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Teufel System 8 THX Ultra 2 Review

Verdict

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Key Specifications

  • Review Price: £2899.00

Teufel’s System 8 is billed as the world’s smallest THX Ultra 2-certified system, which is significant because most speakers that earn this demanding certification are as big as a fridge. That means it’ll deliver a powerhouse performance without making unreasonable demands on your living space.


Like Crystal Acoustics, Teufel sells its products directly from its website. With fewer overheads and no middleman taking a cut, the company can pass on the savings to its customers, which means you can get a high-end speaker system like this a lot more cheaply than you would on the high street.


Of course, buying directly online means you can’t audition them first, but to get round this, Teufel offers an eight-week ‘test listening’ period – if you’re not happy after that, they’ll collect them and give you a full refund.


Great news indeed, but no-one in their right mind could feel short-changed after hauling these bad boys out of the box. Each of the six speakers is built like a tank and reassuringly heavy – all the better for blasting out those movie soundtracks at ungodly volumes – but then we’ve come to expect nothing less from Teufel.


That said, if it’s discretion you’re after look elsewhere. The system’s chunky, angular cabinets scream ‘look at me’ and despite their smaller-than-usual size they’re still too big to plonk discreetly on a bookshelf. Thankfully they’re styled in a gorgeous piano black finish that’s so glossy and lustrous you can see your face in it.

(centre)”’ One of the three S 800 FCR speakers”’(/centre)


The system comprises three identical S 800 FCR speakers for the front and centre channels, a pair of S 800 D dipole speakers on rear channel duties and a S 8000 W active subwoofer, which is so big it makes Crystal Acoustics’ sub look like a matchbox. God help the people in the flat below.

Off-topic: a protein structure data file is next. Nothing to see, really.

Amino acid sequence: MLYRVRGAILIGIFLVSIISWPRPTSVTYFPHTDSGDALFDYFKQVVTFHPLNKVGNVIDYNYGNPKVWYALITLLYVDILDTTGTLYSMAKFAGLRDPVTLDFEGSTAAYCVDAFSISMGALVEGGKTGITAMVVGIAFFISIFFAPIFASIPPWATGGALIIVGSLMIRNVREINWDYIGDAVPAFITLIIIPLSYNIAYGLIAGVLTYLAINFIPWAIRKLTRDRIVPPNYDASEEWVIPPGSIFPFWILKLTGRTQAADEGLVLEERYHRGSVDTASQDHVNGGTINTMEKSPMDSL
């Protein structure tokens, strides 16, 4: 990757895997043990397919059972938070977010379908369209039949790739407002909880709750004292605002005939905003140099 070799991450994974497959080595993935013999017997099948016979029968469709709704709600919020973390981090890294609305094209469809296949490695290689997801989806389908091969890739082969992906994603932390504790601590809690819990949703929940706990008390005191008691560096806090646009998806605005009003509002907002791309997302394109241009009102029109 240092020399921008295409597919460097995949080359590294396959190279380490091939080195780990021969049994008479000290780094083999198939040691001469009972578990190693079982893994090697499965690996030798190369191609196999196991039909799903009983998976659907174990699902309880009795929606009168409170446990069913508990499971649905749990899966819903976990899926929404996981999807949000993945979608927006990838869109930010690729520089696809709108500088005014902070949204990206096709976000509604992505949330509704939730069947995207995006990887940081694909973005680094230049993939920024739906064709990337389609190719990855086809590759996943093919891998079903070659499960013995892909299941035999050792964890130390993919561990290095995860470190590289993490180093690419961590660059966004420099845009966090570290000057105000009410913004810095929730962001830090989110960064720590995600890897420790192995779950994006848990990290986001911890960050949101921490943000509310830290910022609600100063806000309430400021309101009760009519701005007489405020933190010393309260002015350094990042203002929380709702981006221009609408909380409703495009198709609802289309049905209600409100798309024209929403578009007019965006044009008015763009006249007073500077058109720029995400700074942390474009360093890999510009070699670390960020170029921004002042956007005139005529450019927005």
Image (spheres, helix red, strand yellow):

Inside the S 800 FCR’s robust cabinet (which measures 195 x 455 x 245mm) is a trio of flat diaphragm drivers – two 130mm woofers and an 80mm bass/midrange driver – plus a 25mm silk dome tweeter designed to handle high-frequency detail at loud volumes, as required by THX Ultra 2.


Each one has a removable cover that fits over the entire front panel without the need for screws, but the aluminium trim that frames the drivers underneath looks so good you’ll probably want to leave them off. On the back you’ll find a pair of gold-plated binding posts and holes for wall mounting, while the bottom sports screw holes for the optional AC 2002 SP stands, which we recommend.

The S 800 D rears are a dipole design, which is THX’s recommended way of presenting surround sound. They’re designed to be mounted on the wall, and for that reason you’ll find a sturdy bracket on the back and two rods at the bottom that keep the cabinet at the right distance from the wall.
(centre)”’The dipole design S 800 D rear speakers, fully clothed”’(/centre)


On the back of the speaker facing the wall is a 130mm carbon fibre woofer that’ll give rear effects some low-frequency depth, while on either side are a 100mm midrange driver and 25mm dome tweeter. The sound reflects off the walls, making it unclear where effects are emanating from, resulting in an open, enveloping ambience.

(centre)”’The S 800 D speakers, undressed”’(/centre)